A Tampa software developer has agreed to pay $57.25 million to settle allegations from the government that it violated Federal law by allowing users to submit false claims to government health care insurers.
Investigators say the developers violated the False Claims Act (a.k.a. “the Lincoln Law”) when it took advantage of a program to encourage Medicare and Medicaid providers to adopt electronic health records (EHR) systems by claiming that the software it developed met guidelines necessary for certification under the program.
Rather than programming their software to recognize standard clinical terminology in order to allow it to receive and transmit critical information regarding patients and their prescriptions, investigators say the firm altered a mock-up program to deceive the company in charge of issuing certifications into believing that the full program did the same.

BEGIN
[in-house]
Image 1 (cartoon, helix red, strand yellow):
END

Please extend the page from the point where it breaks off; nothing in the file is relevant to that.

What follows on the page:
In addition, investigators say the program allowed users to submit false claims to the government in order to obtain incentive payments. They say the program miscalculated benchmarks set for clinics to obtain the incentives, essentially allowing a significant number of users to claim benefits for which they were not entitled.
Lastly, federal investigators say the firm offered incentives to buyers for using the program. Such incentives run afoul of the federal Anti-Kickback Statute.
In addition to the settlement payment, the company agreed to entering into a five-year Corporate Integrity Agreement (CIA) program. The program is designed to evaluate the firm’s software quality control and compliance systems and to evaluate its relationships with its customers to insure that they do not run contrary to the spirit and letter of the Anti-Kickback Statute.
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